Afternoon announcements: October 11, 2012
October 11, 2012 04:37 pm
If you haven’t nerded out over it already like I have this morning, today is 10/11/12. It has zero significance, methinks, other than being fun to write. So I’m writing it everywhere possible. Anywho, on to the news…
Well, it’s that time of the presidential election cycle again when we’re about to start hearing “flip-flop” more often than we can handle. Today, the Huffington Post points out that in the short time since the first debate, during which he said he wanted to put more teachers in school, he is now criticizing Obama for proposing money to hire teachers. As they report, Romney “cast a proposal to hire more teachers as a waste of taxpayer money.”
The New York Times looks at the two questions asked multiple times yesterday by Chief Justice John G. Roberts, Jr. in the arguments on an affirmative action case heard before the Supreme Court yesterday. “He wanted to know how much diversity was enough,” the Times writes. “And he wanted to know when colleges would be able to achieve an acceptable level of diversity without using racial preferences.” A decision isn’t expected until spring.
So Obama’s not for you, and Romney’s not for you? Well, you’re in luck, because Education Week has a roundup of what the third-party candidates believe on education. “Third-party candidates are calling for everything from a return to teaching the Bible in public schools to forgiving all student loans.” Hey, I could get behind that latter platform idea!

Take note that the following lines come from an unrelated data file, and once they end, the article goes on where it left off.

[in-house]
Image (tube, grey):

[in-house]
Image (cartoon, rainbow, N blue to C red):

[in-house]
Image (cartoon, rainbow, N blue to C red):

Another report tells us that America’s education system doesn’t make the grade. Well, it assigns the US a C-minus grade; America just doesn’t make the honor roll. “America’s Report Card 2012: Children in the U.S.” is a newly released report from Save the Children and First Focus, commissioned by former Senator Chris Dodd (D-Conn.) and current Senator Bob Casey (D-Penn.) in 2010. As evidenced by the C- grade, the results are disconcerting. “The US earned subpar grades in five categories representing key domains of a child’s life: economic security, early childhood, K-12 education, permanence and stability, and health and safety,” writes the Huffington Post.
To end on an uplifting note, we have an opinion piece featured in the Washington Post’s Answer Sheet blog by guest blogger and educator, Marion Brady. He taught his first class in 1952 and tells the story of how it took him until 1970 to become a good teacher. He says if he were in the classroom today, he’d probably lose his job, as his methods were unorthodox.